And the person who started it was none other than Lester himself. Who told his mother Hilda.
After wading through all this, I was more confused than ever. Lester explained he was moving and said ‘That’s why I had to resign’. I said ‘Where did you say to sign?’ I was very sleepy after
all this investigating. So I wasn’t listening very well. Lester said ‘I didn’t say ‘Sign’. I said ‘resign’. So I said ‘OK, but do you think you can get me on at UPS in Maui’. He shook his head and left.
I suddenly felt the urge to lay before the Lord. So I went to bed. No one woke me up. Not good
on a Sunday. I think my wife left early to stop the choir’s planned walkout during the offertory. So I showed up late. Lester met me at the door. I told him I was going to clear up the confusion and explain what happened. We had to stop these rumors. He begged me not to. But I insisted.
So I did. After my short sermon on James 1:19. ‘Be quick to listen. Slow to speak. Slow to anger’.
I first asked Lester if he would come up and announce his news. So it came from him. Not me.
He shook his head ‘No’. I shook mine ‘Yes’. He refused. His wife shook her head ‘Yes’. So he did.
I then explained how news of Lester’s move gradually morphed into the scandal that never was.
The laughter began with the first ‘prayer request’. By the end, we were all laughing hysterically. Myself included. But as pastor, I had to restore order. So I yelled ‘Let us pray!’ They all stopped. Except my wife. As I prayed, I heard outbursts of muffled laughter. But it gradually grew quiet.
In the silence, with my eyes closed, I thanked God for bringing order out of chaos. And helping us avert a crisis. I thanked Him for the rumors as they illustrate our need to ‘be slow to speak’.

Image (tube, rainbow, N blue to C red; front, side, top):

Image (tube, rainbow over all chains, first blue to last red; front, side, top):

Still in the posture of prayer, I said ‘Amen’. Lifting my chin from the steeple, I said to my wife,
Where's all the people?!
Unable to speak (as she was still laughing), she pointed to the entrance (which is also an exit).
I panicked. I must have angered them when I threw water on one of the happiest moments our church has enjoyed in ages. Laughter is medicine. And I made them spit it out! With a prayer!
Embarrassed by the whole fiasco and how I handled it, I told my wife ‘I’m going home’ and left.
As I walked out the door, a thunderous applause broke out. And then a song. A song I hadn’t heard for a year. ‘Happy Birthday to you …’ An outdoor picnic was all set up with food, birthday cake and presents. But before I had a chance to apologize, Lester came, put his arm around me and said ‘We decided to celebrate Pastor Appreciation Sunday and your birthday a week early.’
Then he added ‘By the way, I am moving, but not out of state. I found a house on State street. And I’m only quitting as head usher so I can give more time to bull riding. As for all the phone calls, they really did happen once I told my mom Hilda. So we’re buying hearing aids for all the ladies on the prayer chain. And Leo. But once it got back to my wife and I, we spiced it up a bit.”
He continued, “I planned to tell you about my move and the phone calls today. Which I just did. But it wasn’t my plan to tell everyone. Or for you to tell everyone. I hope we didn’t embarrass you. We love you too much to do that.” By this time, I can’t stop laughing. But once I looked at Lester and my precious friends, I realized how much I love them. I started to cry. As did they.
To break the silence, my wife brought one of the gifts up front and they all asked me to open it.
A box of peaches. I asked ‘Who’s it from?’ She said ‘Don’t know. UPS driver left it in your office.’